Terry brooks writing advice columns

I was sitting in math class staring at the kid in front of me trying to finish his final with the remaining time.

Terry brooks writing advice columns

I want to explore the issues I faced then and how our approach was influenced by how I thought about complexity. When we think about enhancing a software system, we can consider the curve that measures aggregate functionality against the aggregate cost required to achieve it.

My impression from reading journalists and analysts writing about software is that they believe you have a linear curve that generally looks like this: This reflects a curve where the incremental cost of new functionality is relatively consistent over time as the product grows more capable.

Could some breakthrough new technology or development strategy lift that curve up or improve its slope? Alternatively, the curve might look concave also possibly changed in slope or translated up by some new technical strategy.

terry brooks writing advice columns

This reflects a curve where new functionality gets easier to add over time, perhaps because you develop more and more infrastructure, expertise, process and tooling that makes adding new features more and more efficient.

People who have worked in software for a long time tend to believe the curve actually looks convex, more like this: This reflects a model where new functionality gets harder to add as a system gets more functional.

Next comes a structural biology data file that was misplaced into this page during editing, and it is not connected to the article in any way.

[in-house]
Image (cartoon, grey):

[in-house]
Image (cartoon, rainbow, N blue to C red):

So which terry brooks writing advice columns reflects reality and how does it impact strategy? As you might expect, it depends, but that final dismal curve probably captures the reality for large systems best.

The FrontPage editor had key well-factored components like the lexical analyzer, HTML parser as well as core infrastructure built into the model and view that made it relatively straight-forward to extend the editor to support new HTML tags as the HTML standard evolved. The lexer and parser were driven from tables that described how classes of tags were handled so new tags simply required another entry in the table.

Typically there was a small amount of custom rendering work and then whatever custom editing support was needed — typically just a relatively simple dialog to edit any special tag properties.

The editor model automatically handled multi-level undo, redisplay, load and save. As we added support for certain features like parsing of server-side scripting languages like ASP, that support could be easily extended to also support other languages like PHP. It was clear that the powerful infrastructure we had built made adding certain types of new features much easier — resulting in something that looked like that concave curve above for many features.

The FrontPage editor also offered a good counter-example to this rosy picture. The editor supported three different views for an HTML page that was loaded in the editor: Preview view was especially useful for verifying layout and testing dynamic behavior in the browser.

Unfortunately, Preview view ended up being a gift that kept on giving. The complexity it introduced had nothing to do with any failure in the initial programming of the feature.